He wants to dollarise Argentina’s currency and remove the credit controls that restrict the public’s ability to access and use the dollar. This means he is using the yuan to repay the IMF debt and for Chinese imports out of necessity, not desire.

If – and it’s a big “if” – he manages to adequately replenish Argentina’s dollar reserves, he may well abandon the yuan, potentially undermining China’s efforts to promote yuan usage in global trade and bolster its influence.

Milei has also chosen to buy American F-16 fighter jets from Denmark over Chinese JF-17s despite offers of joint production. This prompted the US to provide Argentina with US$40 million in foreign military financing (for the first time in more than two decades), a grant reserved for key strategic partners like Israel.
To further his plans to access advanced Western military hardware, technology and training, Milei recently applied to join Nato as a global partner. This underscores his political and security alignment with the West.
President Javier Milei shakes hands with Commander of the US Southern Command, General Laura Richardson, after signing an agreement to incorporate a Hercules C-130 aircraft into the Argentine Air Force, at the Aeroparque Military Air Station in Buenos Aires, on April 5. Photo: Argentine Presidency handout via Reuters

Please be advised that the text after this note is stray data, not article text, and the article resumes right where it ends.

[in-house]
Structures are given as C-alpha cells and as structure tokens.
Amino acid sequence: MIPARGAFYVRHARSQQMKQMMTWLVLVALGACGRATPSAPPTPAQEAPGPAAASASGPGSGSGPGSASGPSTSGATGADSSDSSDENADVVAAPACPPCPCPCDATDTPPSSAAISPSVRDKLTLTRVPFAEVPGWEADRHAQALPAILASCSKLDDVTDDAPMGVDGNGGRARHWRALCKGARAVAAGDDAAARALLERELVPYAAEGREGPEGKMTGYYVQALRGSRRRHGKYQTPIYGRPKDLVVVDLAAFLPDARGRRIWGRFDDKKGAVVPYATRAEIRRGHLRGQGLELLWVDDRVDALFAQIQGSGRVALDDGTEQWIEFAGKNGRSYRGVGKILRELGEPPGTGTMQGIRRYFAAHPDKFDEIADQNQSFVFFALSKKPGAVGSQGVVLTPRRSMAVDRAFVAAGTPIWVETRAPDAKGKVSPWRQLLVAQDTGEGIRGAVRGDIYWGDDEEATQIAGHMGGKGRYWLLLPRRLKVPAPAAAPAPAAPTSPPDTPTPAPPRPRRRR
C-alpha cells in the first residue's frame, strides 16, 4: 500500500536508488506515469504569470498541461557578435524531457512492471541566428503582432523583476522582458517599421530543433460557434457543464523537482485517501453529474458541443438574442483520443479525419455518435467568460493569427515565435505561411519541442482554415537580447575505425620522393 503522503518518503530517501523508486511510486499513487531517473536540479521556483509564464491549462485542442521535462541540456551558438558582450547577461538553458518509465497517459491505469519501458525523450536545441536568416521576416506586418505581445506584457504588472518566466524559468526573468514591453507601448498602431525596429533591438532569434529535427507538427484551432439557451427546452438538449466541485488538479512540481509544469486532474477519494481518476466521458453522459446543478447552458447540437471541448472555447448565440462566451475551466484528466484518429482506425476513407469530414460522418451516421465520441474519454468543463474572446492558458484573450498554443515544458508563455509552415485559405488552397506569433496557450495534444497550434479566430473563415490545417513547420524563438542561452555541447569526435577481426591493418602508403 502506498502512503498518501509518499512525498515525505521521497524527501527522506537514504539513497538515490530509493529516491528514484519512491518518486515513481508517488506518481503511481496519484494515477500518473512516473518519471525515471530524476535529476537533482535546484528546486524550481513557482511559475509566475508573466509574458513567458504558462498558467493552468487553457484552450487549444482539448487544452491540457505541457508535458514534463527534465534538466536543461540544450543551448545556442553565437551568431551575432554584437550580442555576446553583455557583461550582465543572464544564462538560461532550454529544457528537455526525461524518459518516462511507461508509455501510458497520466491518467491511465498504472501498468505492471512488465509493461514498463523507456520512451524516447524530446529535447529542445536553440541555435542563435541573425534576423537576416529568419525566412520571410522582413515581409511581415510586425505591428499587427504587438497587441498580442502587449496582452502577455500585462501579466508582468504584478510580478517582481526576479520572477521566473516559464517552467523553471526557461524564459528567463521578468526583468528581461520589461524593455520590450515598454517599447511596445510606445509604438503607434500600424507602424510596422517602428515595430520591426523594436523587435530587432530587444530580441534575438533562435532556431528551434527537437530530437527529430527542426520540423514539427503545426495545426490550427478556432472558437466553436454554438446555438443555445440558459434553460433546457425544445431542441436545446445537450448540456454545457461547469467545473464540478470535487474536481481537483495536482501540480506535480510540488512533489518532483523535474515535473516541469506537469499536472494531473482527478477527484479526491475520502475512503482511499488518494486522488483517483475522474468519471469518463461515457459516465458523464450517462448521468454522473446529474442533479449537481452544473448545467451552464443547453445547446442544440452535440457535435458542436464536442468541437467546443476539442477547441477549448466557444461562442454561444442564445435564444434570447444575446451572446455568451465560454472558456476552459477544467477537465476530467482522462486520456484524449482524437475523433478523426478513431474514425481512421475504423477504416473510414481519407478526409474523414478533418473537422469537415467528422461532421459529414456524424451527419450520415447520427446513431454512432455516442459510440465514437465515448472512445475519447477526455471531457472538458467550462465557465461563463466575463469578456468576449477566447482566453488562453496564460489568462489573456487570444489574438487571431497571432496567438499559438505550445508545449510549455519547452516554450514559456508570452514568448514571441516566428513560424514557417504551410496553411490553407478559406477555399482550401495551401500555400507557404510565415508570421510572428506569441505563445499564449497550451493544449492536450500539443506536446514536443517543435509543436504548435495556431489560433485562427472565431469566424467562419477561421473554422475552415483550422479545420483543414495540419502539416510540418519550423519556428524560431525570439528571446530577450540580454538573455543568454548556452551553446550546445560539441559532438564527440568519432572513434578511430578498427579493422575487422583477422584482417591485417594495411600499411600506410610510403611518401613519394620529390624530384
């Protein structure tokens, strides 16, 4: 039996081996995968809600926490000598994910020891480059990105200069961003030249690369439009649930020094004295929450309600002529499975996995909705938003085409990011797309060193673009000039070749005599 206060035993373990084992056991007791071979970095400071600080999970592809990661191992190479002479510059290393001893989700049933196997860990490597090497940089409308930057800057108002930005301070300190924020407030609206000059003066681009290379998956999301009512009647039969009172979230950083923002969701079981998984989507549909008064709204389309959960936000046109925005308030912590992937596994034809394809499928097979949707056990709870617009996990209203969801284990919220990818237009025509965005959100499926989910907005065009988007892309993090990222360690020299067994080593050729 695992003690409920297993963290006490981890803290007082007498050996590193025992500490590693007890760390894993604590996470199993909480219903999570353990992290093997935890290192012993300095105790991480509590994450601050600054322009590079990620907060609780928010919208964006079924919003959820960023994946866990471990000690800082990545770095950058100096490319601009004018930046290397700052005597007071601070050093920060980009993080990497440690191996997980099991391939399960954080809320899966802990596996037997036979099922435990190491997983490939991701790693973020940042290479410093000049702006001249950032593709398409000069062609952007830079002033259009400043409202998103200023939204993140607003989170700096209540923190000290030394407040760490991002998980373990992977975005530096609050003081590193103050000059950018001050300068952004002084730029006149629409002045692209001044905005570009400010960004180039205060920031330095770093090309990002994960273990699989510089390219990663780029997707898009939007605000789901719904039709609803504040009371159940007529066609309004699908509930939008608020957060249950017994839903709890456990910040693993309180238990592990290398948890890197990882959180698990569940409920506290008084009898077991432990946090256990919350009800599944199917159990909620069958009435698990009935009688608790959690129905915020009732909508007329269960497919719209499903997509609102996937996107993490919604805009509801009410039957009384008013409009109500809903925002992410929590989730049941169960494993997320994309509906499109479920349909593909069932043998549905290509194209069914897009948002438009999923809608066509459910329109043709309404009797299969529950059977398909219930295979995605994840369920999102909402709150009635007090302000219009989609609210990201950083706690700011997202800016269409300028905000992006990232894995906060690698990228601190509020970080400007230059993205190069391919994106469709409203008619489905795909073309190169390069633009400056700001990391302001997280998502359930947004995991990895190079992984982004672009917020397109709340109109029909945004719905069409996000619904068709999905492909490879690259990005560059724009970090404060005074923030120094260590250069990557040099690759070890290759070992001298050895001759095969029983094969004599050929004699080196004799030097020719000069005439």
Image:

Given that Milei’s strategy is to de-align from China, it would make sense for Beijing to tighten the screws by refusing to activate the swap line.

At the very least, it could attach stringent conditions to its investments in Argentina, including to stop Milei from questioning the presence of China’s space station in Argentina or to simply avoid negative propaganda about China, its system or leadership. China’s aid in rescuing Argentina from economic turmoil warrants this respect.

China, however, should not quibble over Argentina’s decision against joining the Brics bloc and to pursue security alignment with the West. Instead, Beijing should reflect on how past Argentinian leaders shifted from anti-China rhetoric to cooperation.

China’s extensive currency swaps, loans and infrastructure investments have contributed significantly to stabilising politically and economically precarious countries like Argentina. Besides its US$18 billion currency swap agreements, China has provided Argentina with the most in commercial loans since 2007, distinguishing itself as a crucial partner in Argentina’s development.